In both biology and ecology, "extinction" refers to the termination or dying out of a species. The process of extinction takes place when a particular species of animals or plants are diminished due to several factors which could include human exploitation, environmental forces, and evolutionary changes.
According to the Center for Biological Diversity, almost 20,000 species of animal and plants are currently at risk of extinction. Humans have a destructive ability to have a negative impact on their environments. The following list is composed of animals whose extinction can directly be linked to the hunting habits of human beings, whether for food or sport.
10. Western black rhino
Also known as the West African black rhinoceros, the western black rhino (Diceros bicornis longipes) was a rhinoceros subspecies declared extinct by the International Union for Conservation of Nature and Natural Resources (IUCN) in 2011. In contrast to other rhino subspecies, the West African black rhinoceros was believed to have been genetically distinct.
The species was once widespread in the savannah regions of Sub-Saharan Africa, but unfortunately, its numbers greatly declined due to poaching. The West African black rhinoceros primarily lived in Cameroon, but hadn't been spotted since 2006.
Also known as "Tasmanian wolf" or "Tasmanian tiger", the thylacine (Thylacinus cynocephalus) was the largest modern carnivorous marsupial. The species was native to the continent of Australia and is believed to have become extinct in the 20th century.
The extinction of the thylacine is blamed on bounties that encouraged intense hunting of the animals. Thylacines were believed to kill livestock. The last known species of the thylacine, named Benjamin, died on September 7, 1936.
8. Steller's sea cow
Steller's sea cow (Hydrodamalis gigas) was a species of sirenian discovered in 1741 that no longer exists today. During the time the animal's discovery, the Steller's sea cow was primarily found in the Commander Islands between Russia and Alaska in the Bering Sea. The animal was one of the largest mammals in existence.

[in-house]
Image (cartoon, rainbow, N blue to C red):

The closest living relative to the Steller's sea cow is the dugong (Dugong dugon). The steller's sea cow was very a slow moving animal, and was so easily captured that it was hunted to extinction for its hide, fat, and meat. It is reported to have gone extinct in 1768 - just 27 years after it first was discovered by humans.
The quagga (Equus quagga quagga) was a subspecies of the common plains zebra native to South Africa. The quagga was distinct from other zebra species because of its unique stripes which featured a limited pattern of mainly brown and white stripes.
The animal was hunted for its hide and killed by ranchers who believed that the quagga was competing with livestock for grazing area. By 1878, the quagga was extinct in the wild. The last known species died on August 12, 1883 at the Amsterdam Zoo.
6. Atlas bear
The atlas bear (Ursus arctos crowtheri) was a species of brown bear who lived in Africa. The Romans are believed to have imported Iberian bears for spectacles at animal fighting events. For thousands of years, the animal was intensely hunted and captured by Romans who used them in arenas to fight against tigers, gladiators, lions, and other animals.